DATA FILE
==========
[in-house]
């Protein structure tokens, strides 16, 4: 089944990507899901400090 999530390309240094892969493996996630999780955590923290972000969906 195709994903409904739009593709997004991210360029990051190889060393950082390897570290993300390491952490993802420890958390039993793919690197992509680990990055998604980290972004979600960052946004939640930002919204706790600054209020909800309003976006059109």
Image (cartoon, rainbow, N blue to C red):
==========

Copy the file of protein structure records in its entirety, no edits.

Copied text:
[in-house]
């Protein structure tokens, strides 16, 4: 089944990507899901400090 999530390309240094892969493996996630999780955590923290972000969906 195709994903409904739009593709997004991210360029990051190889060393950082390897570290993300390491952490993802420890958390039993793919690197992509680990990055998604980290972004979600960052946004939640930002919204706790600054209020909800309003976006059109």
Image (cartoon, rainbow, N blue to C red):